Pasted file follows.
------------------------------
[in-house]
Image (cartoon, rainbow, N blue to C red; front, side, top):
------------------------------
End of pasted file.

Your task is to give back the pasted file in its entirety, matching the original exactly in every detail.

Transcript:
[in-house]
Image (cartoon, rainbow, N blue to C red; front, side, top):